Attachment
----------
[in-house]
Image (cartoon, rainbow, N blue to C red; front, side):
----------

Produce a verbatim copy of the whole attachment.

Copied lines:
[in-house]
Image (cartoon, rainbow, N blue to C red; front, side):